Science tends to work differently in movies than in real-life. Heroes can walk away from explosions instead of being killed by the resulting shockwave. Asteroids can be destroyed by untrained miners. Animal testing creates monsters. The egregious misuse of science in the name of entertainment turns science fans off film -- but not when it’s done like this. As a special present from us to you this holiday season, here are 7 movies that let real science shine.
CREDIT: 20TH CENTURY FOX
The Martian (2015)
We’ve talked about The Martian before, but the film really does make a mission to Mars seem just a few years away. Based on the book of the same name, The Martian follows astronaut Mark Watney as he struggles to survive on the Red Planet. Every action he takes to survive, as well as the actions of NASA and his rescue crew in getting him home, are scientifically accurate. The way Watney grows potatoes in Martian soil is accurate. The orbital mechanics used to slingshot a spacecraft around Earth were accurate. The film even features a habitat and transport rovers that NASA is developing. As written by Andy Weir, The Martian is a compelling thought exercise. As directed by Ridley Scott, The Martian is an inspiring peek into the next decade of space travel.
When was the last time you saw a physicist accurately portrayed on film? Scientists, particularly physicists, are often portrayed as dweeby harbingers of doom (Brent Spiner in Independence Day), obsessively creepy (Brad Dourif in Alien Resurrection) or, worst of all, lacking common sense (everyone in Prometheus). Danny Boyle’s science fiction film Sunshine does not have any of those scientists. In a movie where physicists go into space to revive a dying sun with a nuclear warhead, Boyle called CERN physicist Dr. Brian Cox to help his actors. Cox made sure that the actors knew what physicists were actually like and how they would react to such a serious situation. Lead actor Cillian Murphy went to CERN to chat with physicists and even called Cox onto the set for extra help. “Cillian would say that he would like me around on certain days so he could talk about his reactions to things,” Cox told Popular Mechanics. While the science involving the death of our sun is purely fictional, the physicists are pure science fact.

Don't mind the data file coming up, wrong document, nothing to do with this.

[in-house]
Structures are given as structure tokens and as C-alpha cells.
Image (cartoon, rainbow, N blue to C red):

CREDIT: UNIVERSAL PICTURES
The Andromeda Strain (1971)
Medical science, particularly the spread of viruses, is often butchered on film for the sake of drama. In movies, viruses are the result of unscrupulous testing by fame-seeking scientists who try to cure cancer (I Am Legend), Alzheimer’s Disease (Rise of the Planet of the Apes), or Ebola (28 Days Later), but end up creating monsters (vampires, intelligent apes, and zombies, respectively). None of those scenarios are rooted in science. Robert Wise’s The Andromeda Strain is. Based on the Michael Crichton book, The Andromeda Strain is a space bacteria that destroys a small town while scientists fight to contain it. It is incurable, infectious, and has a long incubation period, which is realistic because that scenario is the single most plausible cause of an apocalypse. Inspired by Crichton’s own background as a doctor, Wise lets the scientists in the film do what real-life scientists would do -- collect specimens and enclose themselves in an underground facility to decontaminate themselves. These scientists work the way real scientists do, using their equipment to conduct detective work in real-time. While films like Contagion and Outbreak featured similar scenarios, The Andromeda Strain made it feel the most real.